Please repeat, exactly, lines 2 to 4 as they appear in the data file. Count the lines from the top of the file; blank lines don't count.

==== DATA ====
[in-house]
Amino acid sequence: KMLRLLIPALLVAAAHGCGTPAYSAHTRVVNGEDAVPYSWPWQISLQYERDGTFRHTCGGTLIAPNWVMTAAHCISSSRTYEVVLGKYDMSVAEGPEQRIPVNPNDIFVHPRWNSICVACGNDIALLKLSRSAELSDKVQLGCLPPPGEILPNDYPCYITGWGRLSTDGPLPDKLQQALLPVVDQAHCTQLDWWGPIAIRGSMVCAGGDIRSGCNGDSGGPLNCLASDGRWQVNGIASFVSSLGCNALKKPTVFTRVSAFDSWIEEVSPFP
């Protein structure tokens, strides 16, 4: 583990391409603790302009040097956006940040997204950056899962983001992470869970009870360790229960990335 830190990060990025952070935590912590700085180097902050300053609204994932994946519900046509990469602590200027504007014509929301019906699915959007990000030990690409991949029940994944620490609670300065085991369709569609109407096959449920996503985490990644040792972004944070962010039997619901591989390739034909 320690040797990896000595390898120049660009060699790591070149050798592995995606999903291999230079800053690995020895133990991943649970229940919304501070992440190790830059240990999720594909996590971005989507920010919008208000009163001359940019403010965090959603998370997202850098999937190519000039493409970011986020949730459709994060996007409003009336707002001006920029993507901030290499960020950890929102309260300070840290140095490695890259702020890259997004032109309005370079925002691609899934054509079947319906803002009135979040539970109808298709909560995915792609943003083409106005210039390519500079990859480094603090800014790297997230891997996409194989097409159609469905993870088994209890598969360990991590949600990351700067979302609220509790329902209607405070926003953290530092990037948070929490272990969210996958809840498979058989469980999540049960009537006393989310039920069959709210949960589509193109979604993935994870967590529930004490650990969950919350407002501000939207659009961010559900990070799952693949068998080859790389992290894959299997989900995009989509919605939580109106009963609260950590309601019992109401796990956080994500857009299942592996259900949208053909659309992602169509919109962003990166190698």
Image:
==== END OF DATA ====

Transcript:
Amino acid sequence: KMLRLLIPALLVAAAHGCGTPAYSAHTRVVNGEDAVPYSWPWQISLQYERDGTFRHTCGGTLIAPNWVMTAAHCISSSRTYEVVLGKYDMSVAEGPEQRIPVNPNDIFVHPRWNSICVACGNDIALLKLSRSAELSDKVQLGCLPPPGEILPNDYPCYITGWGRLSTDGPLPDKLQQALLPVVDQAHCTQLDWWGPIAIRGSMVCAGGDIRSGCNGDSGGPLNCLASDGRWQVNGIASFVSSLGCNALKKPTVFTRVSAFDSWIEEVSPFP
């Protein structure tokens, strides 16, 4: 583990391409603790302009040097956006940040997204950056899962983001992470869970009870360790229960990335 830190990060990025952070935590912590700085180097902050300053609204994932994946519900046509990469602590200027504007014509929301019906699915959007990000030990690409991949029940994944620490609670300065085991369709569609109407096959449920996503985490990644040792972004944070962010039997619901591989390739034909 320690040797990896000595390898120049660009060699790591070149050798592995995606999903291999230079800053690995020895133990991943649970229940919304501070992440190790830059240990999720594909996590971005989507920010919008208000009163001359940019403010965090959603998370997202850098999937190519000039493409970011986020949730459709994060996007409003009336707002001006920029993507901030290499960020950890929102309260300070840290140095490695890259702020890259997004032109309005370079925002691609899934054509079947319906803002009135979040539970109808298709909560995915792609943003083409106005210039390519500079990859480094603090800014790297997230891997996409194989097409159609469905993870088994209890598969360990991590949600990351700067979302609220509790329902209607405070926003953290530092990037948070929490272990969210996958809840498979058989469980999540049960009537006393989310039920069959709210949960589509193109979604993935994870967590529930004490650990969950919350407002501000939207659009961010559900990070799952693949068998080859790389992290894959299997989900995009989509919605939580109106009963609260950590309601019992109401796990956080994500857009299942592996259900949208053909659309992602169509919109962003990166190698």
Image: